enters the picture, that the proffered evidence was admissible and there was no prejudice or reversible trial error warranting a reversal even of his damage award against Waldor. He further says that the incident in the trial court cannot on any theory upset his exoneration by the jury from the Greenberg claims, and in this connection urges, for the first time, that Waldor, being a co-defendant, has no standing to attack that exoneration in any way. The Greenbergs, with an admitted right to recover from one of the two, if not both, and satisfied with their awards against Waldor alone, naturally seek to uphold the result in the Appellate Division. So they join in Stanley's contentions with respect to their suit and express no particular interest in the final outcome of the action between the two drivers as long as their secured position is not affected.
The problems thus posed may well be considered from three aspects. First, was the evidence sought to be introduced by Stanley admissible and, if not, did such substantial prejudice to Waldor result from the incident as to infect any of the verdicts? Second, if the latter be so, should or must such infection be limited to the Stanley-Waldor suit? Third, if it cannot be so confined, what should the effect be on the Greenbergs?
These questions must be considered primarily in the light of the situation in the case as it was when the evidence was offered, subject, of course, to anything that might have happened in the trial subsequently which could be said to have cured any error that occurred. The Greenbergs had a well-nigh perfect case of liability against some one and apparently were not greatly concerned, from the standpoint of collectability of damages awarded, with obtaining verdicts against both drivers. Their counsel adopted the common trial tactic in such situations of calling not only certain of the eye-witnesses, but both driver-defendants, as plaintiffs' witnesses, questioning each as to his version of the accident. The contest being essentially between the drivers, each sought through his own testimony to exculpate himself from blame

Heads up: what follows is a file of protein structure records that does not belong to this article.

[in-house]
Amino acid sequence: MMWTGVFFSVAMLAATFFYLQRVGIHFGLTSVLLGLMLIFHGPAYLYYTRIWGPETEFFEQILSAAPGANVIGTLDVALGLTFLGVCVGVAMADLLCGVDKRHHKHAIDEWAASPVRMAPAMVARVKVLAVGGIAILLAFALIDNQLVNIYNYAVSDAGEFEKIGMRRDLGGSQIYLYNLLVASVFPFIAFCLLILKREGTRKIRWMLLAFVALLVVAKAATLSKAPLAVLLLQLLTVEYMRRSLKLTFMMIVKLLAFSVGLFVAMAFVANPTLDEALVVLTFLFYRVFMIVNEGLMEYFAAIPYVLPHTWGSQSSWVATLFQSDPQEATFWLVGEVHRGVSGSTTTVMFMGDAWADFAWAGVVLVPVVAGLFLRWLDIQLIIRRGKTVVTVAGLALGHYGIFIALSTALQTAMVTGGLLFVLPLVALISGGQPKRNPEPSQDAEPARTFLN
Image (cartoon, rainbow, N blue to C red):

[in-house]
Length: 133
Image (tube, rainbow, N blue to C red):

and cast it on his co-defendant. This is accentuated by the fact that each defendant can be cross-examined by his own counsel as well as by the attorney for his co-defendant. N.J.S. 2 A:81-11; Teel v. Byrne, 24 N.J.L. 631 (Sup. Ct. 1854). The result in such situations is that the full testimony on liability, at least from the standpoint of the personal stories of the defendants, generally comes in on a plaintiff's main case and it therefore behooves counsel for each defendant to bring out his position as strongly as possible not only by cross-examination of his own client but by similar examination of the co-defendant who may well not be called to the stand again on his own case. Each defense counsel makes objections to questions asked of a defendant, whether it be his own client or the co-defendant, by counsel for the other defendant as well as by a plaintiff's attorney, and generally injects himself into the plaintiff's case against the co-defendant and the latter's defense, even though no cross-claims between the defendants may have been filed. This is what happened here and led to the incident involved.